Line concert a family treat
Lorie Line hoped her 2007 touring show "The Glory of Christmas" would give audience members a fresh view of Christ's birth. Why Line and her Pop Chamber Orchestra presented the biblical story wearing colonial attire - women in hooped gowns, men i...
Lorie Line hoped her 2007 touring show "The Glory of Christmas" would give audience members a fresh view of Christ's birth.
Why Line and her Pop Chamber Orchestra presented the biblical story wearing colonial attire - women in hooped gowns, men in white wigs and waistcoats - was more confusing than enlightening. Still, the show - a blend of familiar carols and hymns, beautifully performed music and much theatrics - was a crowd-pleaser for the roughly 2,500 fans filling the Fargodome's Gate City Theatre on Sunday afternoon.
Line's family-friendly concerts are all about the extras - the costumes, choreographed dance numbers and arranged instrumentals - and this year is no different.
Line took the stage in a voluminous blue dress, channeled Mary and Cleopatra, and closed out the show in a sparkling copper gown.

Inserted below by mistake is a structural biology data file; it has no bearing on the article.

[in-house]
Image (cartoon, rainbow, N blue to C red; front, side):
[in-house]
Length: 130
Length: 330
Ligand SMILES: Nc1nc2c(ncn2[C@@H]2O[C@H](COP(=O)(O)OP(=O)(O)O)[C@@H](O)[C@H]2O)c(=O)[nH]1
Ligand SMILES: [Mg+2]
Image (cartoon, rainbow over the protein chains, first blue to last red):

Dance numbers and impressive stage lighting also added to the visual feast. The simplistic but beautiful set featured four-pointed stars, lighted trees and Line's white grand piano as the focal point.
But throughout the show, Line shared the spotlight with the eight-member Pop Chamber Orchestra, often serving as little more than accompanist.
It would have been nice to hear more from Line. Her adeptness on the keys didn't have a chance to shine.
The clear, operatic voice of mezzo soprano Christina Baldwin, in her debut year with Line, awed on "Ave Maria," but was drowned out and almost shrill later on.
Tim Line, Lorie's husband, provided the comedic relief throughout the show, drawing plenty of laughs, and groans, particularly when, as Joseph, he referred to Mary's "bun in the oven," who would take away sins, as a "sin-a-bun."
Audience participation was a key component of the show, as they jingled bells to a rock version of "Deck the Halls" and "Joy to the World." The highlight was "The Twelve Days of Christmas." About 100 children from the audience flooded the stage, most donning costumes to become the 12 gifts. Adorable.
An attempt to get the audience to sing Handel's "Hallelujah Chorus" in four-part harmony fell flat, however, as most of the audience stood stone-faced. The closing "Silent Night" fared far better as a group sing, and was a fitting close to the traditional, but elaborate, Christmas concert.
Readers can reach Forum reporter Sherri Richards at (701) 241-5525 Line concert a family treat Sherri Richards 20071203